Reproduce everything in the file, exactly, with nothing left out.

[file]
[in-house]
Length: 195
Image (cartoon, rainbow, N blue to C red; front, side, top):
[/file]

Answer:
[in-house]
Length: 195
Image (cartoon, rainbow, N blue to C red; front, side, top):